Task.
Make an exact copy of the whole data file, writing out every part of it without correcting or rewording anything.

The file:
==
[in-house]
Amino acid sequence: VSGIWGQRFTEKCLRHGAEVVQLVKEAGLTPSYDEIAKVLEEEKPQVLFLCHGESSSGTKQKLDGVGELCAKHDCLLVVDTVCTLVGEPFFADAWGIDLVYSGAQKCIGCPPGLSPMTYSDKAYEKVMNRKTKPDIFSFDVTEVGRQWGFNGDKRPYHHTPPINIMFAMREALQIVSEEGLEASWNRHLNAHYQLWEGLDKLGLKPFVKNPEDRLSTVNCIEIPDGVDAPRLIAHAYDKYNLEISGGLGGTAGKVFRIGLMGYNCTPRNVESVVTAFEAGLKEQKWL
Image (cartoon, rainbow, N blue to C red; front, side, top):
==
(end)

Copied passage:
[in-house]
Amino acid sequence: VSGIWGQRFTEKCLRHGAEVVQLVKEAGLTPSYDEIAKVLEEEKPQVLFLCHGESSSGTKQKLDGVGELCAKHDCLLVVDTVCTLVGEPFFADAWGIDLVYSGAQKCIGCPPGLSPMTYSDKAYEKVMNRKTKPDIFSFDVTEVGRQWGFNGDKRPYHHTPPINIMFAMREALQIVSEEGLEASWNRHLNAHYQLWEGLDKLGLKPFVKNPEDRLSTVNCIEIPDGVDAPRLIAHAYDKYNLEISGGLGGTAGKVFRIGLMGYNCTPRNVESVVTAFEAGLKEQKWL
Image (cartoon, rainbow, N blue to C red; front, side, top):